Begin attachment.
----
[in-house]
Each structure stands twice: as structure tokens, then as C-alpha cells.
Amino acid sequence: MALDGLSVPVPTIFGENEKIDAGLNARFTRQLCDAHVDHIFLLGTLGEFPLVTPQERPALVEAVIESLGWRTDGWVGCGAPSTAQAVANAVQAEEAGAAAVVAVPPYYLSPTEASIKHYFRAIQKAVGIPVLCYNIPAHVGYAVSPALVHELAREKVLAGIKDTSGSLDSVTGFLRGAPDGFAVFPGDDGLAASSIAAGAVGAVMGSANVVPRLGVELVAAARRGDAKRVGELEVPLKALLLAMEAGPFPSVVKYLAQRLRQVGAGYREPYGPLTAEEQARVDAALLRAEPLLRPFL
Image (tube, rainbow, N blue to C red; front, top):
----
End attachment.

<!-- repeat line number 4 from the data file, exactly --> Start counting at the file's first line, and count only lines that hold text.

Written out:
Image (tube, rainbow, N blue to C red; front, top):